Note: When DNS records are not maintained in-house they must be accessed using the interface provided by the hosting service. This may allow the editing of individual fields in the records, line by line editing of record sets or a facility to upload files containing DNS records. Since DNS editing interfaces are all slightly different, a click-by-click how-to would occupy several volumes. For the sake of brevity just keep in mind that each line in a set of MX records for a domain represents a way to deliver mail to that domain.

The usual reason for editing MX records is to change where email is delivered for a domain. This is often done to have email sent to a company owned email server or an email service provider (like us).

Sometimes MX records have to be edited to re-establish these services after changing web hosting as web hosting providers will often reset the MX records of newly hosted domains to point to their own mail exchangers.

Of the six fields in an MX record only three make sense to change. Changing the domain name makes the record for a different domain; the type must remain MX or the record ceases to be an MX record and the class is always IN.

This leaves TTL, priority and target available to change.

Time To Live (TTL)

TTL is frequently 86400 which is 60 X 60 X 24 seconds or the number of seconds in a day. This means that the longest it can take for cached copies of your MX records to update is 24 hours. This is normally quite effective since MX records don’t change very often.

However, it can be useful to update the TTLs on MX records in advance of a change in order to make them propagate faster during the change. Lowering the TTL to 300 (5 minutes) a day before making the actual MX changes will cause cached records to be updated in 5 minutes instead of 24 hours and make mistakes reveal themselves much sooner. Once the changes are proven correct, TTLs should be set back to 864000 to keep the hosting server from being deluged by DNS cache update requests.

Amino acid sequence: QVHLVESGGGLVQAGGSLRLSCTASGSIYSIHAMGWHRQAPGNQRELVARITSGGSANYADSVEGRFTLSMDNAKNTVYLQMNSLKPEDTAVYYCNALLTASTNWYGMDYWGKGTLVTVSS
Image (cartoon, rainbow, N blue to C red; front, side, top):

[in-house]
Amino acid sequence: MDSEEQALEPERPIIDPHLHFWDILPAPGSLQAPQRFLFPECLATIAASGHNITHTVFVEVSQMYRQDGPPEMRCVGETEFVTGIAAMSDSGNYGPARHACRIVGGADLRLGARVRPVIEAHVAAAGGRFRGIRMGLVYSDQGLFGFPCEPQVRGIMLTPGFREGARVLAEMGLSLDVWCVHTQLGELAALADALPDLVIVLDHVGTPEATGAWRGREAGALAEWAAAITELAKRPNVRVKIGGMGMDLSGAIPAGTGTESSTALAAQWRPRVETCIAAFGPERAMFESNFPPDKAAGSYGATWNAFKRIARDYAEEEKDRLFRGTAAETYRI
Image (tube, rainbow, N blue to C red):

Priority/Preference

Both priority and preference are likely terms for this field. Either way the field should contain a decimal integer (a.k.a. a number). Records with lower numbers are tried first, thus a record with a priority of 10 would be tried before a record with a priority of 20.

It is generally recommended to number in increments of 10 or so to allow new records to be inserted between older ones without having to renumber all of the subsequent records. For instance, if your preference settings are 0, 1, 2,  3 and you want to add a new highest priority server you have to raise all of the other priorities by 1. Whereas, if your preferences are 10, 20, 30, 40 you could stick in a new highest priority server by setting it’s priority to 5 without touching any of the other records.

Target

The target is the most critical of the editable fields in an MX record. TTL and priority/preference can be off by a little (as long as they’re numbers) without interrupting mail delivery. Target on the other hand has to be perfect or it won’t work.

First, the target must be a Fully Qualified Domain Name (FQDN). In this context the the outstanding feature of the FQDN is that it includes the trailing dot.  If the trailing dot is omitted the hostname won’t work. (Some interfaces will catch this and fix it but don’t count on it.)

Spelling is also important. Computers don’t gloss over spelling errors the way humans do. It only takes one incorrect character to cause mail delivery to fail, or worse, deliver mail to the wrong domain.

Finally, it is important to note that some interfaces will allow the use of an IP address instead of a domain name. While this may actually work, it is contrary to the DNS specification (see IETF RFCs 974, 1034 and 1035) and may cause email from your domain to be rejected by mail servers that are strict about RFC compliance. This can be extremely difficult to troubleshoot because it only causes intermittent failures. It is much better to avoid this problem altogether by using FQDNs instead of IPs in MX records.

Verifying MX Records

Most hosting providers will tell you what they think your MX records are but it can be worthwhile to get a second opinion. Finding and using a good MX lookup tool (or several) will often help with troubleshooting by revealing discrepancies between what you think is in your MX records and what is actually returned by a routine MX lookup request for your domain.

More Information

Wikipedia – MX Records